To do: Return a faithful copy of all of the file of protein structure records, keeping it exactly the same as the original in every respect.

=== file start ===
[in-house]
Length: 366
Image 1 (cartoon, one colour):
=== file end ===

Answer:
[in-house]
Length: 366
Image 1 (cartoon, one colour):